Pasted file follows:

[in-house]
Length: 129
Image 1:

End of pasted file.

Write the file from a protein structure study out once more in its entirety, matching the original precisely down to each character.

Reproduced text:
[in-house]
Length: 129
Image 1: